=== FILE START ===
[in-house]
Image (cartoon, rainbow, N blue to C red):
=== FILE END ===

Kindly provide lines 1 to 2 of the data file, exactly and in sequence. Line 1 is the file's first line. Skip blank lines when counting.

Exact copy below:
[in-house]
Image (cartoon, rainbow, N blue to C red):